Influence people

Friday, January 23, 2015

Millennials: In Blogs We Trust

A new study by research firm Millennial Branding reveals that Millennials rely on blogs more than any other form of media as a source of trustworthy product information.

Thirty-three percent of Millennials say they count on blogs to guide their purchase decisions, while fewer than three percent allow traditional forms of media (TV, magazines and books) to influence them, according to the study.

Although a majority (58 percent) expect brands to publish online content, a mere one percent of Millennials say that ads of any sort increase their trust in a brand.

Before making a purchase, Millennials instead seek the opinions of friends (37 percent), parents (36 percent) and online experts (17%).

Wednesday, January 7, 2015

Clickbait Headlines Do More Harm than Good

Meager response rates are tempting an ever-increasing number of marketerseven B2B onesto resort to using "clickbait" headlines, those sensational promises that dupe you into reading thinly related content.

You know the kind:

What this customer said was so insane it will make your jaw drop...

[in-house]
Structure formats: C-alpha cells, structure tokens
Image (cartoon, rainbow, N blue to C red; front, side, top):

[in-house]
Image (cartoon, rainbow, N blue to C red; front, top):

But the more sensational the headline, the greater the risk of disappointing prospects once you lure them to read nothing more than your usual sales pitch.

Disappointment never does your brand credit. 

Repeated disappointments will ultimately damage it.

Thursday, January 1, 2015

Civility. There's an App for That.

Worried friends and followers on Facebook and Twitter might think you're ill bred?

Your social media reputation is safe with a subscription to ThinkUp, according to Farhad Manjoo, columnist for The New York Times.

ThinkUp keeps tabs on your graceless behavior on those networks and points out, among other things, how often you refer to yourself, use profanities and ignore others.

The tracking service is designed "to make you act like less of a jerk online," says ThinkUp co-founder Gina Trapani.
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